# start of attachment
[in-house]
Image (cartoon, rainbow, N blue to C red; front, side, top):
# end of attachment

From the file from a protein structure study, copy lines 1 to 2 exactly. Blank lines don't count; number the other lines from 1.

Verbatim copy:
[in-house]
Image (cartoon, rainbow, N blue to C red; front, side, top):